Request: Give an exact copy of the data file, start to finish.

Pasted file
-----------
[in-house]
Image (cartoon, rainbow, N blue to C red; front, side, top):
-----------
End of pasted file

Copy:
[in-house]
Image (cartoon, rainbow, N blue to C red; front, side, top):